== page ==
This article describes the development and validation of the new CATSS (Computer Adaptive Test of Size and Strength), which measures vocabulary knowledge in four modalities–productive recall, receptive recall, productive recognition, and receptive recognition. In the first part of the paper we present the assumptions that underlie the test–the importance of form-meaning link and the concept of four degrees of knowledge that are implicationally scaled. In the second part of the paper we present the core features of the test in terms of item selection, test format, scoring, and feedback to learners. The third part of the paper describes the process of test validation with 453 students of three English proficiency levels. We adopted the argument-based approach to validation and performed Rasch analyses, Cronbach’s alpha, and multiple sets of ANOVAs and Post-hoc tests. The results of these analyses demonstrate the stability, sensitivity, and adequacy of the scoring system, the potential generalizability of the scores, the extrapolation of the scores as indicators of learners’ proficiency level and expected vocabulary sizes and the possibility of using the test when making placement considerations or assessing progress.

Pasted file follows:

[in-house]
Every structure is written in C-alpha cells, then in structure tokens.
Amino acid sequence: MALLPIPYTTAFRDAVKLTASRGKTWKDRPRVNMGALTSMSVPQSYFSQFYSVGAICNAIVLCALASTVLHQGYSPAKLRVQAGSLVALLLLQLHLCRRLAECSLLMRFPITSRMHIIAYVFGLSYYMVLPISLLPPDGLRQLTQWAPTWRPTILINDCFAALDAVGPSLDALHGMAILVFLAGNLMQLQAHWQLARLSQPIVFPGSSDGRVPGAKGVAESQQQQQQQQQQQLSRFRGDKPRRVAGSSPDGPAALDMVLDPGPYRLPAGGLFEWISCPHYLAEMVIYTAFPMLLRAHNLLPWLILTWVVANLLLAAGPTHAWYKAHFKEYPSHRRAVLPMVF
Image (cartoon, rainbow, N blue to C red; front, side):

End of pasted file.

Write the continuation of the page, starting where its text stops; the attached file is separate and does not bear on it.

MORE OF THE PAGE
Bibliographical noteFunding Information:
This work was supported by the British Council [ARAG Programme 2012-2013].
© 2019, © 2019 Taylor & Francis.
ASJC Scopus subject areas
- Language and Linguistics
- Linguistics and Language